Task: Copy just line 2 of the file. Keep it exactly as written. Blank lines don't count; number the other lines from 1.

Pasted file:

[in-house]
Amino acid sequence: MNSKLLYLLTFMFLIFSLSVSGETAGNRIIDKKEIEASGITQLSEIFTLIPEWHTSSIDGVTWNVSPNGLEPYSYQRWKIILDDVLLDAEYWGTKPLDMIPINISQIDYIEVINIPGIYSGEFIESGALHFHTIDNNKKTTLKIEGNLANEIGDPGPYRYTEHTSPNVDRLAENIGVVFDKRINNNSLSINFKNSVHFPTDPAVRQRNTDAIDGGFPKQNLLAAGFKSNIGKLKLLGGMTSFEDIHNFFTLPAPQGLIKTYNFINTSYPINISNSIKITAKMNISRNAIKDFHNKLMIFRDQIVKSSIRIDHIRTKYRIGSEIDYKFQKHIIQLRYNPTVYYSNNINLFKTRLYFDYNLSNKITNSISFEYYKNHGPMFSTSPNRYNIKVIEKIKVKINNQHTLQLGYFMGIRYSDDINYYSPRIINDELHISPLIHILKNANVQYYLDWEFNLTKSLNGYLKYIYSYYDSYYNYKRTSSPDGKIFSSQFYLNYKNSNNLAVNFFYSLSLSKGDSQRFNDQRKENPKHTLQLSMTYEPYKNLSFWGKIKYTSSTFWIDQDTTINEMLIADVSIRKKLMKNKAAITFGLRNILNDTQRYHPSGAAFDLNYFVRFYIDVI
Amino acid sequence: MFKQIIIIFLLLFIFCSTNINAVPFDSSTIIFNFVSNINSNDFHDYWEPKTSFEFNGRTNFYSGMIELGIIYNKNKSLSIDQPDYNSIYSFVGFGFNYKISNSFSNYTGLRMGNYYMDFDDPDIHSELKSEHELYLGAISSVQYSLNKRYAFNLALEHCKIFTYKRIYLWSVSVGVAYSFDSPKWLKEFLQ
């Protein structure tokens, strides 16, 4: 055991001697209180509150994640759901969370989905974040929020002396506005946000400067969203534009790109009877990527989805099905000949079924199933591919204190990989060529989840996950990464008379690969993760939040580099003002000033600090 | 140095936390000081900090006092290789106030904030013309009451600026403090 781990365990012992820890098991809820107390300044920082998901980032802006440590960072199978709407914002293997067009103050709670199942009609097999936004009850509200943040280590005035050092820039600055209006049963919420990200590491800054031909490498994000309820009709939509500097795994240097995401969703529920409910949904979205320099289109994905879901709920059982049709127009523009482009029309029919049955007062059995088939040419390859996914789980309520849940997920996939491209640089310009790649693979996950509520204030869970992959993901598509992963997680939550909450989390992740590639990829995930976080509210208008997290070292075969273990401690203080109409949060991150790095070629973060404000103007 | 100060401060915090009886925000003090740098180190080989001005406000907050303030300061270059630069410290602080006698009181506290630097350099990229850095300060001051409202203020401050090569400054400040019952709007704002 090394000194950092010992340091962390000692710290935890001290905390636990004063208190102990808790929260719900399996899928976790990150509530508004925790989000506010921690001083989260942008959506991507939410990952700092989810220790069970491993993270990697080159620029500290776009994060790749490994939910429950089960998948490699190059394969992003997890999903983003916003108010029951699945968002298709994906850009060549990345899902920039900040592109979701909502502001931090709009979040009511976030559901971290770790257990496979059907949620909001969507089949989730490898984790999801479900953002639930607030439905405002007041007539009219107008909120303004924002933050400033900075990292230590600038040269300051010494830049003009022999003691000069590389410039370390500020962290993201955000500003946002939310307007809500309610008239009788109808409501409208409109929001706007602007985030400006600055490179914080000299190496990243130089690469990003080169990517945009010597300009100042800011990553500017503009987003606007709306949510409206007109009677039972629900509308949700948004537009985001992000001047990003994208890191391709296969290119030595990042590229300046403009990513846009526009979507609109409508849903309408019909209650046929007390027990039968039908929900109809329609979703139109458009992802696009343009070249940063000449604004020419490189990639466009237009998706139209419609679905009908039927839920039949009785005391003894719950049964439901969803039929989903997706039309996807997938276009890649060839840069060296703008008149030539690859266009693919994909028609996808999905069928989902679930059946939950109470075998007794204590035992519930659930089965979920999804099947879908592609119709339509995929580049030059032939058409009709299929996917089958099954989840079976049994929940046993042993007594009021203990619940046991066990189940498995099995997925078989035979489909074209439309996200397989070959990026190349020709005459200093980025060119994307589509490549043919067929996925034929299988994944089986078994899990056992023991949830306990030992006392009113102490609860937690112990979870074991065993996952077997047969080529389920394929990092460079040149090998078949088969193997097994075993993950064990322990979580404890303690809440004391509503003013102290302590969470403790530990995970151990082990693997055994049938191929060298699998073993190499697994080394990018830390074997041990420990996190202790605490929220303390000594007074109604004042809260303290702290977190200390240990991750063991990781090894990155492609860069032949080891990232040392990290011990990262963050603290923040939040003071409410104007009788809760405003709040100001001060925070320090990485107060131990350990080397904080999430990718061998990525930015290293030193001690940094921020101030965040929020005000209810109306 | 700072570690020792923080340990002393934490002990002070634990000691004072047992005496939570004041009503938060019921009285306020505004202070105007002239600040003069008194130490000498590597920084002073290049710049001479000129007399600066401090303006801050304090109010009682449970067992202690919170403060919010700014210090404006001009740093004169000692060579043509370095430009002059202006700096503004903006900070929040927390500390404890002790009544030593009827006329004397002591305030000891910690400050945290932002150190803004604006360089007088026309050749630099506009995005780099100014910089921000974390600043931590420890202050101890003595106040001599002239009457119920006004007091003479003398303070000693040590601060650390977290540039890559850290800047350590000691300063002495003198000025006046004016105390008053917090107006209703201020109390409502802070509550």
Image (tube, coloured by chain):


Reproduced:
Amino acid sequence: MNSKLLYLLTFMFLIFSLSVSGETAGNRIIDKKEIEASGITQLSEIFTLIPEWHTSSIDGVTWNVSPNGLEPYSYQRWKIILDDVLLDAEYWGTKPLDMIPINISQIDYIEVINIPGIYSGEFIESGALHFHTIDNNKKTTLKIEGNLANEIGDPGPYRYTEHTSPNVDRLAENIGVVFDKRINNNSLSINFKNSVHFPTDPAVRQRNTDAIDGGFPKQNLLAAGFKSNIGKLKLLGGMTSFEDIHNFFTLPAPQGLIKTYNFINTSYPINISNSIKITAKMNISRNAIKDFHNKLMIFRDQIVKSSIRIDHIRTKYRIGSEIDYKFQKHIIQLRYNPTVYYSNNINLFKTRLYFDYNLSNKITNSISFEYYKNHGPMFSTSPNRYNIKVIEKIKVKINNQHTLQLGYFMGIRYSDDINYYSPRIINDELHISPLIHILKNANVQYYLDWEFNLTKSLNGYLKYIYSYYDSYYNYKRTSSPDGKIFSSQFYLNYKNSNNLAVNFFYSLSLSKGDSQRFNDQRKENPKHTLQLSMTYEPYKNLSFWGKIKYTSSTFWIDQDTTINEMLIADVSIRKKLMKNKAAITFGLRNILNDTQRYHPSGAAFDLNYFVRFYIDVI